As an agency, one of the trends that we’ve seen emerge during lockdown, has been the surging popularity of podcasts.
UK podcast listenership reached an estimated 15.6 million listeners in 2020, with around 18% of British adults now listening to podcasts on a weekly basis. It’s therefore no surprise that brands are seizing the opportunity that podcasts deliver, in terms of audience reach and building a loyal following.
In March 2021, Apple Podcasts was hosting 1.96m separate podcasts and over 47m episodes, including Pinstone’s Agri-Food Comms Cast which we launched in May 2020.
Reaching your audience
Podcasts succeed in capturing the same audio intimacy you experience with regular radio programmes, where listeners develop a relationship with the presenter. This has been incredibly reassuring during lockdown. As well as offering a welcome on-demand, screen break, podcasts also benefit from being able to focus on niche, specialist subjects. This makes them the perfect format for targeting b2b audiences; something several of our clients have capitalised on over the past twelve months.
However, as with all things in the digital sphere, nothing stays static for very long and new technologies and platforms continue to emerge. As communications professionals, it’s important to be able to navigate our way through the ever-evolving media landscape, especially when advising clients where to allocate their marketing budget and resource.
In season 2 episode 3 of the AFCC, Catherine dissects the airwaves with three guests who all utilise audio platforms as effective assets in the comms toolbox. Our panellists explore how the new kid on the block – Clubhouse – measures up against the trusted podcast medium.
Clubhouse exclusivity – a help or hinderance?
Part podcast, part conference call, part social media app, Clubhouse has been making waves since it launched in March 2020 – a somewhat serendipitous timing in hindsight!
Operating an exclusive invite-only membership, Clubhouse currently has around 6m users. It has already gained the attention of some tech heavyweights including Mark Zuckerberg and Elon Musk. Once onboard, the audio-chat app enables users to either initiate or listen to conversations or a combination via different ‘rooms’.
Two of our AFCC guests, Alison Teare, marketing director and podcaster at Simply Marketing and former BBC post-production specialist, James Sopp, now a digital marketer at Buzzin Digital even met on Clubhouse.
As Alison explains; “It’s a hugely useful networking tool, and what you get with voice, above all else, is that connection… it’s far greater networking tool than Twitter, LinkedIn or any other social media platform I’ve used.”
Being able to share conversations, pick topics or identify specific groups or demographics that you want to reach obviously has real benefits for building your professional network. However, cutting through the hype, Clubhouse is currently only available to ISO devices – making it instantly unavailable to 50% of the population.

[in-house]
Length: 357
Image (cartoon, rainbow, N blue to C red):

I like our third guest, Russell Goldsmith, founder of Audere Communications and host of the csuite podcast, am an Android user. So, Clubhouse’s exclusivity to Apple is a sizeable shortfall in terms of audience reach. Admittedly, it’s early days, and developers plan to roll out an update of the system to fill this huge gap in its potential user-base.
However, when marketing a brand, inclusivity is an important consideration. Therefore, not alienating your existing customer base is essential. As Russell summarises:
“The exclusivity works for Clubhouse, not the brand.”
Do we have time for another social media platform?
All three of our podcast guests agreed that audio – on whatever platform – presents a compelling case for effective brand communications. As technology advances, more and more consumer electronics will become audio instructed. It is a direction of travel that is already translating into how we’re consuming broadcast and social feeds.
This rapidly changing landscape will only become more fragmented over the coming months and years. Therefore, now is a good time to audit your current social channels. As Alison says:
“Identify where your audience is and how they consume information. It’s time to revaluate your resources and how they’re being allocated.”
This process will identify whether it is time to exit certain platforms and make the transition to new ones. One thing’s for sure, many brands will need to adapt and hone-in on what their audience wants and needs.
At Pinstone, we’ve repeatedly demonstrated that podcasting offers a cost-effective route to b2b audiences and any tools that open up a wider dialogue are hard to ignore. Identifying the conversations, that you want to be part of is key to success. Platforms that offer this level of interaction between brands and their customers is an exciting prospect.
Cutting through the noise: Clubhouse summary
- Great for professional networking
- Two-way real-time dialogue adds value to user experience
- Provides an opportunity for developing meaningful customer engagement
- A great extension to run in tandem with a podcast to initiate discussion and audience interaction
- It’s the ‘shiny new toy’ so has a real buzz associated with it
- Invite only exclusivity – seen as elite
- IOS exclusivity risks alienating existing Android customers
- All activity ‘live’ so needs to be scheduled into calendar
- Currently no analytics, so difficult to measure success
- It’s the ‘shiny new toy’ and likely to be replaced by other competitive platforms (Twitter Spaces / Instagram) – may not stand the test of time